For the "print page" option, the best policy is to use a dedicated print CSS. You can call more than one style sheet in your HTML header. If you have two and one has the "media" attribute set to 'print', that one will be used when printing and the other in normal viewing. Rails gives you the tools to do that easily:
Put that in a the header of a layout and the 'standard_style_sheet' css file will be used for screen, and 'print_style_sheet' when printing. Of course you'd rename those to match the controller name in line with normal Rails conventions.
<%= stylesheet_link_tag 'standard_style_sheet' %>
<%= stylesheet_link_tag 'print_style_sheet', :media => "print" %>
It's then worth adding no_print and print_only class definitions to your style sheets.
In 'print_style_sheet' you'd do something like this
And reverse it in the 'standard_style_sheet'.
/* Display print_only elements */
Note that in HTML, class="one two" equates to 'this element belongs to the class "one" AND the class "two". Class names separated by spaces act as a list of classes the element belongs to. So changing an element's class definition from class="navigation" to class="navigation no_print" means it will continue to be modified by CSS directives set against .navigation, but now it will also be modified by directives set against .no_print.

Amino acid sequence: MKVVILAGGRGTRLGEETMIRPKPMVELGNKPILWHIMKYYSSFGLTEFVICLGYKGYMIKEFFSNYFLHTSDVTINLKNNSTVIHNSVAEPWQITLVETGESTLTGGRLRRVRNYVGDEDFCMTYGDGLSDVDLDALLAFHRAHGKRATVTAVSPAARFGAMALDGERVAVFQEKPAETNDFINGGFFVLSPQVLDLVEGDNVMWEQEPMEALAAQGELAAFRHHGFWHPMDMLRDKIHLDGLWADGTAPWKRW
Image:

/* Display no_print elements */
You can then choose which HTML elements to have in each view. For example you may want to hide navigation links in the print view and give someone a sign off box to add a signature to the print out:
<a href="#bottom" class="no_print">Go to bottom</a>
<p>A bit of text that will appear in both screen and print fomats</p>
<p>Please sign here:</p>